Public schools have ‘room for improvement’
Teaching standards in middle schools have been identified as “the weakness in our system”, Education Minister Nalton Brangman said.
However, Sen Brangman pointed out that reforms of the Island's middle schools are currently underway — and he commended those students who had “stepped up” to sit IGCSEs early.
According to Senator Brangman, 91 percent, or 1,090 of the 1,204 reported grades, were A through G — up two percent on last year.
The number of A to C grades held steady on last year, at 28 percent.
For the latest senior year graduates, 227 students, or 96 percent, left school with a grade-point average of 2.0 (70 percent) or more — also a two percent rise on last year.
Added Sen Brangman: “The 2012/13 school year marked the third year of administering Cambridge International Examinations across the primary, middle and senior levels of the Bermuda public school system in English, maths and science.”
Maths and science had the poorest IGCSE showing, with 19 percent and 18 percent of students getting grades of C and above for those subjects.
Assessing performance in the other school levels, Sen Brangman said Cambridge International uses a six-point scale to rank students' performance.
The Ministry had set a performance indicator for 80 percent of middle school students to score at three or above on the scale — indicating a “sound” understanding of most of the curriculum content.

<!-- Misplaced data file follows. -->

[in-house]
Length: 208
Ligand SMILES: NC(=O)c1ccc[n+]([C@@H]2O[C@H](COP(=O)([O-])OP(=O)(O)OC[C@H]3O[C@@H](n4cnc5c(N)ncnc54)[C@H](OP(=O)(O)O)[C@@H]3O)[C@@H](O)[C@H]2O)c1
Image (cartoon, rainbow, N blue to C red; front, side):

In the middle schools, 23 percent reached level three or above in English, 27 percent in maths, and 49 percent in science. It showed a 15 percent increase over the previous year.
For primary schools, 61 percent reached level three or above in English, 45 percent in maths and 62 percent in science.
Public schools thus showed improvement, but fell short of performance targets at the M3 and P6 checkpoints, Sen Brangman said.
Education Commissioner Edmond Heatley joined the Minister in announcing the graduation and Cambridge International Examination results.
The 96 percent showing by senior school students was hailed as “impressive” by Dr Heatley.
“But we're not satisfied with that,” he added.
Reforming education in Bermuda was a matter of keeping what was right, and “dissecting” what didn't work, he said.
Dr Heatley said he wasn't fazed by questions of how a freshly-hired US educator could be expected navigate Bermuda's the British-based Cambridge curriculum.
“A standard is a standard, no matter how it's written,” he said.
Bermuda is the only public school system that requires all its students to sit IGCSEs.
Conceding there was room for improvement, Dr Heatley added: “We have no time to waste.”
With the public school system on a five-year track for reform by 2015, the Commissioner said Bermuda could expect to see “marked improvements” in standards in 12 to 18 months.
Females continue to perform better than males. Of the 217 students who graduated with the Bermuda School Certificate, 94 were male and 123 female; 17 females graduated with honours, versus three males.